A Competition Tribunal hearing into the ongoing Distell merger saga was closed to the public when the company started presenting its case in Pretoria yesterday.

The Tribunal has set aside three days with an option for a fourth for the hearing in the saga which has been dragging on for nearly two years. Distell argued the need to close the hearings because all its marketing strategies and brand plans, which reflected its total philosophy, would be bared.

Various parties from trade unions to competitors are expected to give testimony.

Distell flew in international business analyst, John Forsyth of McKinsey in the US to give expert testimony on brand price trade-offs after local analysts were not able to provide the necessary specialist information.

Distell MD, Jan Scannel then started his evidence in chief, which was expected to continue today. Legal experts from the Tribunal indicated that he would then be cross-examined “at length”.

The Tribunal hearing emanates from the merging of Distillers Corporation and Stellenbosch Farmers’ Winery, which was announced in September 2000.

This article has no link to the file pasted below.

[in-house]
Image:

The Tribunal’s present sitting follows a decision by its first hearing last year and ab upheld appeal by the Competition Appeal Court on 27 November 2001, that the merger constituted a notifiable major transaction.

Following the Appeal Court decision, Distell duly notified the transaction to the Competition Commission, which conducted an investigation and recommended conditional approval for the merger. These conditions included the termination by Distell of the manufacturing and or distribution of all KWV brandy brands and a number of disposals in the brandy and sparkling wine sector.

Distell is opposing the recommendations made by the Commission and instead seeks unconditional approval of the merger.